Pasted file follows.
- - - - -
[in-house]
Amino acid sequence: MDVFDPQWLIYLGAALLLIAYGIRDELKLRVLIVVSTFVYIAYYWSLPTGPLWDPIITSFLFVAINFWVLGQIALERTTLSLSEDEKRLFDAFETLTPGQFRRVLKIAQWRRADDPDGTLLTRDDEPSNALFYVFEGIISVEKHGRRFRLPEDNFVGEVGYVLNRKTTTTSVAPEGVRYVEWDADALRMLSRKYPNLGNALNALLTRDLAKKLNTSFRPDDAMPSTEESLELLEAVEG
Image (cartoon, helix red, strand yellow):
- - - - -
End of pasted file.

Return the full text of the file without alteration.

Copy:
[in-house]
Amino acid sequence: MDVFDPQWLIYLGAALLLIAYGIRDELKLRVLIVVSTFVYIAYYWSLPTGPLWDPIITSFLFVAINFWVLGQIALERTTLSLSEDEKRLFDAFETLTPGQFRRVLKIAQWRRADDPDGTLLTRDDEPSNALFYVFEGIISVEKHGRRFRLPEDNFVGEVGYVLNRKTTTTSVAPEGVRYVEWDADALRMLSRKYPNLGNALNALLTRDLAKKLNTSFRPDDAMPSTEESLELLEAVEG
Image (cartoon, helix red, strand yellow):